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By Mercy Abusta, MPS '24
  • Department of Global Development
  • Global Development

In the wake of Nigeria's devastating 2022 floods, Mercy Awazi Abutsa, MPS ’24, a dedicated advocate for climate action and rural development, found renewed purpose. Inspired by the urgent need to address climate change alongside existing vulnerabilities in Africa, Mercy embarked on a journey to empower her nation's youth. Through her Global Development studies at Cornell and hands-on fieldwork in Northern Nigeria, she spearheaded 'Climedu Nigeria,' a youth organization committed to fostering climate responsibility through education and training. Mercy's fieldwork delved into the realities of climate-resilient farming, revealing both the awareness and challenges faced by local smallholder farmers. Let’s dive in as Mercy shares her experiences on campus and in the field as a Master of Professional Studies (MPS) student in Global Development and as an Institute for African Development Fellow at Cornell. 

Youth as agents of change

In 2022, my home country of Nigeria experienced severe floods that resulted in the displacement of over 1.4 million people, as well as the death of 600 people. This environmental disaster opened my eyes not only to the severity of climate change but also to how we as development professionals in Africa are in a unique position to confront climate change adaption and governance alongside existing challenges in Africa. As these challenges persist and escalate the threat of food security, well-being, displacement, and biodiversity loss, we must consider the role that local communities, particularly youth, play in making sustainable change. It is with that vision that I am homing in on policy development, implementation, analysis, and evaluation of issues within climate change and rural development in my studies at Cornell.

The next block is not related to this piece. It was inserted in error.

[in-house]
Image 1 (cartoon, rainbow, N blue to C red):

In my first semester of the program, my Global Development courses prepared me to create a youth organization in Nigeria. The organization that I founded, “Climedu Nigeria,” seeks to nurture a culture of climate responsibility among Nigerian youth through education and training on essential climate-related skills. 

The course “Youth Organizations and Leadership Development” (GDEV5350 taught by Jeff Perry) played a pivotal role in helping me shape this concept into a reality. Through strategic planning and program development, I was inspired to launch the organization to reshape public perceptions of climate change in Nigeria.